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I would also argue that Guitar Hero sells more units because of a brand name made reputable by their competition. Because Guitar Hero and Guitar Hero 2 were so popular, it created an un-earned name for future iterations of the game.



It's similar to the flow of the Spiderman film series. Spiderman 3 is widely regarded as the worst in the series, yet it still made the most money, because it carried the reputation of the first two movies along with it.



The next installment may not do as well since audiences may be a bit apprehensive, but even if an entirely different studio or director made Spiderman 4, more people would see it than a Sam Raimi film that doesn't already have a name for itself. Unfortunately, instead of the name "Sam Raimi" (Harmonix) being important to consumers, it's "Spiderman", or in this case, "Guitar Hero".

Steve Amodio
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@Jeremy:



I'd argue that RedOctane had as much to do with the smashing success of Guitar Hero as Harmonix did. My aching fingers would agree after using the Rock Band Fender.

Jeremy Johnston
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Steve, I was talking more about the software end of things than the hardware.



However, on the hardware side of things I'm quite curious to see how World Tour does compared to Rock Band 2, as I expect the new GH version with the drums and mic will be extremely expensive compared to the other versions.

Geoffrey Mackey
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Rock Band 2 is great. I was really surprised that GH didn't get blown away. They carved themselves a niche quite well. I am disappointed to see they are well on their way to destroying the franchise. They're going to triple their releases? While I'm intrigued by world tour, I dislike the way activision handled the hardware compatibility. They said they gave Harmonix "the opportunity to license their products." But because no one is going to buy their drum-kit, they sudden support all competitors hardware? I wonder if Harmonix is sorry they let the GH brand out of their hands.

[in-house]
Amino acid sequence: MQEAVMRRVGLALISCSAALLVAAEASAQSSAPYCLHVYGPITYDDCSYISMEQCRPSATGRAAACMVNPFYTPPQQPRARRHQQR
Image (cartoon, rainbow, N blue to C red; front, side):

But it's just politics as usual I guess...

Jamie Mann
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There's a few reasons why Guitar Hero sells more than Rock Band, but the key ones are:

1) Price. A full RB setup costs double the equivalent GH

2) Physical size: how many people have room for RB kit?

3) Gameplay: all current GH games are geared towards single-player, while RB is geared towards multiplayer



(oh, and the fact that GH is existing pre-prepped IP will have helped as well... There's also the European pricing debacle for RB (roughly double the US price), which seriously affected sales in this region - oh, and RB hasn't even been released in Australia. Harmonix/MTV do seem to have stuttered in more than a few areas)



Overall, we're currently comparing motorbikes (GH) to sports cars (RB). It's not the same market, and quantity of development resource doesn't affect anything.



It'll be more interesting when GH:World Tour is released - the advantage may then be on Harmonix's side, as there's a large number of people out there with RB kit - and speaking personally, while I'm happy to buy the games, I've no intention of upgrading the physical hardware for the sequels. There's also the issue that less-hardcore gamers may not be aware that equipment is cross-compatible, effectively locking them into Rock Band.

Isaiah Williams
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Really? 10 times as many people working on the game and only selling 6 times as much? Might not want to brag about that to your shareholders.

Anonymous
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once again LACK O VISION takes credit for something they had nothing to do with creating. LACKOVISION just jumps on board once its succesful...